Plant Agents

What agency do plants have? 
What if humans acted altruistically for the benefits of the plant world?
How would we behave?

These three projects presented below explore these questions through props, artifacts and devices.

The Visitors: An Exercise in Plant Agency

Cypress & gum trees, biodegradable plastic, soil, plant seeds, steel, leather, construction scrim, video.
MAMA Albury and Blue Mountains City Art Gallery.

This exhibition explores what can of devices humans would need and how humans may behave differently if they were to become plant agents.

Plants mostly seem to recede into the background, the base and stage for the lives of faster moving creatures like us. Yet we depend entirely and absolutely on the lives and labours of the plant world. We are here because they are here.

If we are their guests, we are rather inconsiderate ones. We farm them, we garden them, we prune and transplant them. We harvest them and process them. We eat them and wear them. We use their bodies to house ourselves. Like unwanted visitors we depend much on our hosts to support our endeavours and we take much more than we return.

Read review of The Visitors by Running Dog by Carolyn Burns:

“There’s a charming absurdity to many of the individual pieces that make up Heidi Axelsen and Hugo Moline’s The Visitors, a deceptively simple installation on eco futurist themes. There’s footage of a sapling being carried along a country road in a backpack like an infant in a baby carrier, a porous net veil that enables exhaled carbon dioxide to be shared between one person and a specific plant, and an elaborately engineered copper funnel for collecting urine to water the roots of trees.”

Plant Nation

Biodegradable plastic, plant seeds, felt, timber dowel, galvanised fitttings.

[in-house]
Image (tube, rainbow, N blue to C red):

Brisbane City Botanic Gardens, commissioned by Ineke Dane at UAP.

Plant Nation was a newly commissioned work which played with the idea of the agency of plants, and nationhood as plants would define it. Unlike human nations, its various nationalities, its ‘species-beings’, do not require exclusive control of land and territory. Rather the nations overlap and are interwoven in complex ecologies. We constructed a futureruin on which flags of the Plant Nation were hoisted. Unlike human flags the flags of the Plant Nation were fragile and impermanent, made of biodegradable plastic and felt, containing within their fabric the seeds of expansion – the seeds of endemic species. They staged this installation semi-submerged in a lagoon of the Botanic Gardens amongst plant and animal life.

Botanica 2019, BAD festival


Plant seeds, earth, bags, rope, felt, biodegradable plastic.
Blue Mountains Cultural Centre.

Commissioned as part of Critical Mass: The Art of Planetary Health at Blue Mountains Cultural Centre curated by Sabrina Roesner.

Speaking as a species, we are certainly having some problems relating to the Earth. Perhaps this might be a good time to consider some other ways to relate with her?

For a while now we have felt the need to mark out bits of the Earth as belonging to me or you or us or them. Flags become symbols of this humanised territory, from real-estate to the nation-state, they stake a claim of permanent possession.

Plants consider territory in a very different way. Plants claim land with their bodies alone. They do not own, they just reside. Unlike ours these claims do not require exclusivity. Rather their nations overlap, are interwoven and concurrent.

Learning from the plants we would like to propose more soluble forms ownership. If you are here, its yours for the moment you are here (together with whoever else is here of course).

In DRAWNONWARD ten flags mark out a small territory, a little United Nations of dirtbags. Unlike the flags of human nations these flags are designed to decompose. Their substance aiding the growth of the seeds which they contain. The seeds have been gathered from roadside weeds, species which claim leftover terrain, species which will be the first to take over after our departure.

Like the palendrome, drawn onward: in order to move forward we need to constantly return.

MAPA Art + Architecture
Heidi Axelsen + Hugo Moline.   ︎    ︎   

An art and architecture collaborative working between the social and the spatial.